Ciboski: The Effects Of Gerrymandering

Mar 6, 2019

In a recent commentary, I mentioned that long-time adviser to presidents Joe Califano cited the gerrymander, which is the drawing of political boundaries for Congressional districts to give a political party a numerical advantage in an election, as the pre-eminent cause of "congressional crippling or the inability of Congress to accomplish certain legislative goals and also to serve as an effective check on presidential power."

Some of the effects of gerrymandering can be seen in the results of some of the 2018 Congressional elections cited by Califano in his 2018 book, Our Damaged Democracy.

In Pennsylvania, the statewide vote in Congressional races split 54 percent for Republicans and 47 percent for Democrats. Republicans won 72 percent or thirteen of the House seats. Democrats won only 28 percent of the seats for a total of five seats.

In North Carolina, the statewide vote in Congressional races was 54 percent for Republicans and 47 percent for Democrats. Yet, Republicans won 77 percent or ten of the House seats while the Democrats won only 23 percent or three of the House seats.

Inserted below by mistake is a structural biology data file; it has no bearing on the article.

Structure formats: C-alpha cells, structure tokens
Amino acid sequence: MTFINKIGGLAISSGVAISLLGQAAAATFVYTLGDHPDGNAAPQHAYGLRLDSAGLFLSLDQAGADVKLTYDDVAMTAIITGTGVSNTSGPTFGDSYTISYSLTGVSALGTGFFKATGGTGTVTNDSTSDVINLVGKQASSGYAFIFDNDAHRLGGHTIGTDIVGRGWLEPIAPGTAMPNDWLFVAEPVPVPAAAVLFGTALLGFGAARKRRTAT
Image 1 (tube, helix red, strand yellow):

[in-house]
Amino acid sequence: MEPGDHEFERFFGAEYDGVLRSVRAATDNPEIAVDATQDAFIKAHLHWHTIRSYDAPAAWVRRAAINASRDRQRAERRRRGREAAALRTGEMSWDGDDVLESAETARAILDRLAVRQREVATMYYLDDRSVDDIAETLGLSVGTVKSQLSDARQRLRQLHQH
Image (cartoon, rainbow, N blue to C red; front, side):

In Connecticut, Democrats won 58 percent of the statewide Congressional vote, and the Republicans 35 percent of the statewide vote. The election results: Democrats won all five Congressional seats rendering Republican votes for Congressional candidates virtually worthless.

For most states, redistricting of Congressional districts is done by state legislatures.

The moral of this is that your vote for state legislative candidates and for governor can determine a redistricting plan for your state's U.S. House of Representatives members and also for districts of both houses of a state's legislature, which also much meet the same requirements of one-person, one-vote and equally populated districts required by the Supreme Court for the United States House of Representatives districts.

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